Corporations have shareholders – being a Corporation encompasses the LEGAL duty to the shareholder to maximize profits and increase the value of the stock. Even with the most ethical of Corporations this requires a short-sighted approach. They are required every quarter to report on the past year’s profit, and then make projections towards the future. Investors and reporters follow these projections with all the fervor of sports scores and election results – and the stock price responds. Corporations respond to incentives – and shareholders are a BIG one. So influential, in fact, that the temptation to cheat becomes almost impossible to ignore. Absent any real repercussions, the inevitable happens – Corporations begin skirting the rules, and then breaking them. The term “Paper Tiger” was coined to describe this: “Developments in the law are making the corporate form more opaque and allowing the agents who animate it to escape individual accountability for their actions.” (Nelson).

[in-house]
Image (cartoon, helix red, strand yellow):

A few years ago, a judge did try to hold a Corporation accountable for egregious actions, though in a Quixotic way: He sentenced the Corporation to jail time. As discussed in the article by Farber, “The Judge resorted to this extraordinary sentence, he said, because he didn’t know how else to impose a meaningful punishment on a corporation that could easily afford to pay the maximum fine.” (18). Obviously, the Corporation spent no actual time in prison, despite engaging in a price fixing scheme between Pepsi and Coke resulting in over $1,000,000 in illegal revenues way back in 1988.